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Washington, April 26 – Scientists at NASA have successfully extracted oxygen from simulated lunar soil, even as the space agency works toward sending astronauts to the Moon through Artemis missions.
Lunar soil refers to the fine-grained material covering the Moon’s surface. This was the first time that this extraction has been done in a vacuum environment, paving the way for astronauts to one day extract and use resources in a lunar environment, called in-situ resource utilisation.
Oxygen remains a crucial building block for establishing a long-term presence on the lunar surface. In addition to using oxygen for breathing, it can also be used as a propellant for transportation, helping lunar visitors stay longer and venture farther.
“With the successful completion of this demonstration test, NASA has established that oxygen can be extracted from existing lunar material to provide humans with resources critical for survival and transportation on extraterrestrial worlds,” the agency said.
NASA’s Carbothermal Reduction Demonstration (CaRD) team at Johnson Space Center in Houston conducted the test in conditions similar to those found on the Moon by using a special spherical chamber with a 15-feet diameter called the Dirty Thermal Vacuum Chamber.
The chamber is considered “dirty” because unclean samples can be tested inside.
The team used a high-powered laser to simulate heat from a solar energy concentrator and melted the lunar soil simulant within a carbothermal reactor. A carbothermal reactor is where the process of heating and extracting the oxygen takes place.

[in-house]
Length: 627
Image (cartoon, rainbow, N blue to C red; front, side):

After the soil was heated, the team was able to detect carbon monoxide using a device called the Mass Spectrometer Observing Lunar Operations (MSolo), which is similar to a device that will fly on two upcoming exploration missions to the Moon’s South Pole.
“This technology has the potential to produce several times its own weight in oxygen per year on the lunar surface, which will enable a sustained human presence and lunar economy,” said Aaron Paz, NASA senior engineer and CaRD project manager at Johnson.
To apply this process to oxygen production on the Moon, a carbothermal reactor needs to be able to hold pressure to keep gases from escaping to space, while still allowing lunar material to travel in and out of the reaction zone.
Operating the reactor in a vacuum environment for the CaRD test simulated the conditions at the lunar surface and increased the technical readiness level of the reactor to a six, which means the technology has a fully functional prototype or representational model and is ready to be tested in space.
“Our team proved the CaRD reactor would survive the lunar surface and successfully extract oxygen,” said Anastasia Ford, NASA engineer and CaRD test director at Johnson. “This is a big step for developing the architecture to build sustainable human bases on other planets.”
The same technology could be applied to Artemis missions, and one day to journeys deeper into the solar system.